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FROM THE FORTE

Perspective from Double Forte Public Relations and Marketing

Month

November 2014

Infobesity Is Bad For Your Health (A Content Strategy Is the Remedy)

TurkeyIn this content-rich media world we now live in, it’s more important than ever for companies to create their own content and share it to relevant sources and influencers; this is how you deliver your message, reach your target customers, share your unique offerings and POV, and improve your search results. Content is how you control your message.

But there’s a dark side to a content-rich world: infobesity. Macmillan Dictionary describes infobesity as, “the condition of continually consuming large amounts of information, especially when this has a negative effect on a person’s well-being and ability to concentrate.”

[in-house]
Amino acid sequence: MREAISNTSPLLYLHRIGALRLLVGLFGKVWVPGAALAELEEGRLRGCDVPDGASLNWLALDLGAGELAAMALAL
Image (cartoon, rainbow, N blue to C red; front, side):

So how does a company dish out the right amount of content? Simple, build a content strategy. Delivering content without a strategy is like serving empty calories.

A content strategy organizes your content assets so that they reach the right stakeholders at the right time – and maps the content to where those stakeholders are in the buying cycle – awareness, consideration, decision or loyalty. A smart content strategy creates a blueprint for content distribution through multiple channels (website, blog, direct marketing, sales materials, media relations, social media, etc.) so that you are always delivering the right content, at the right time, on the right channel.

Have you thought about your 2015 content strategy? What will you be serving?

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Uber Doesn’t Have a PR Problem

Spin Doctor

Uber has a values problem.